US to send asylum seekers home to Cameroon despite 'death plane' warnings

3 weeks ago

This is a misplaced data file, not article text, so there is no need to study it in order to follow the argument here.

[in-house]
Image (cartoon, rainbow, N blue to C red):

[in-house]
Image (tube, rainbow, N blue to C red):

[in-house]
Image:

The US is expected to fly Cameroonian asylum seekers back to their home country on Tuesday despite fears that their lives will be at risk and reports that deportees repatriated last month are now missing. Some of the deportees are activists from the country’s anglophone minority, who face arrest warrants for their political activities from government forces with a well documented record of extrajudicial killings. They and their lawyers refer to Tuesday’s flight as the “death plane”. Lawyers, human rights groups and Democratic senator Chris Van Hollen have appealed to the Department of Homeland Security (DHS) to halt deportation flights to Cameroon while political violence is still widespread there and while at least some of the detainees have cases pending or motions to reopen cases before the Board of Immigration Appeals. They expressed concern that the deportations were being rushed to clear African asylum-seekers out of the country by the end of the Trump presidency, as part of a scorched earth policy in the administration’s final weeks. There are also reports of systematic abuse by agents of the DHS’s Immigration and Customs Enforcement (ICE), often to force the asylum seekers to sign their own deportation orders, and waive their right to pending immigration hearings. In one case, detainees were allegedly put under showers and then tasered by ICE agents, leaving some in need of hospital care. The deportations are taking place despite a finding last year by the US government that the Cameroon government “engages in gross violations of internationally recognized human rights”. The state department deferred questions about the upcoming deportations to ICE, which did not respond to a request for comment over the weekend. About 32 men and four women are scheduled to be on Tuesday’s flight, mostly Cameroonian, but also some Congolese and Angolan asylum seekers. In recent days they have been moved from prisons across the south to Prairieland Detention Centre in Alvarado, Texas, in preparation for a charter flight out of Fort Worth. One of those due to be deported, Daniel, said his brother had been shot in 2019 by Cameroonian security services searching for him, and his father had been crippled by torture in prison. His other siblings are missing“I will be killed by the Cameroon government,” Daniel told the Guardian by telephone from Prairieland. He was a member of a separatist group called the Southern Cameroon National Council. It describes itself as a non-violent group but he said many of his fellow members had been killed or imprisoned, in the counter-insurgency the government is waging against anglophone separatists. He said he was sent a photograph of his brother’s body while he was in detention. Daniel said he was detained and tortured in 2014, and then arrested again in 2017, but he bribed his way out of prison and fled the country, eventually finding his way, after a transatlantic flight and a gruelling, dangerous trek across South and

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